Research highlights use of restraints
Some parents say their children were physically restrained to a chair at school, with arm splints and posey cuffs. Others reported their child had been confined to a cinder block-lined closet. In one case, a student came home often with torn clothing, after he had been “yanked around like a rag doll and forced into the quiet room.”
A new report on the use of physical restraint and seclusion of students with disabilities in Manitoba schools details anonymous accounts from parents about their children’s experiences — in certain cases, on a frequent or daily basis.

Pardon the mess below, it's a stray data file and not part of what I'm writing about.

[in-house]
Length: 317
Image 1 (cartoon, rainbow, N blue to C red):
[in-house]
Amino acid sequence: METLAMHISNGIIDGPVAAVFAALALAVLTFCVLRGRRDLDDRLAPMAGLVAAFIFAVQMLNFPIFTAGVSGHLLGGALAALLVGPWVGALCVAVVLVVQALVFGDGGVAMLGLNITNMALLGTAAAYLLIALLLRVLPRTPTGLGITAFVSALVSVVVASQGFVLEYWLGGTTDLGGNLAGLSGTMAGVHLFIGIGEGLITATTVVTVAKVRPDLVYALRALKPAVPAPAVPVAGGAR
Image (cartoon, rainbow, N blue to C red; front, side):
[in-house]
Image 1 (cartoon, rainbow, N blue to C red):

“One story about the restraint and seclusion of a child with a disability is one story too many,” said author Nadine Bartlett, an assistant professor of inclusive education at the University of Manitoba.
The report, “Behind Closed Doors,” includes insights from 62 parents and guardians who responded to an online survey (July-October 2019) about the practices. Advocacy organizations for Manitobans with disabilities helped distribute the exploratory survey, a classification that speaks to the small sample size of the research.
Adults were invited to participate in the study if their child had been physically restrained or placed in an isolated area for an extended period of time and prevented from leaving the area on at least one occasion during the last three years.
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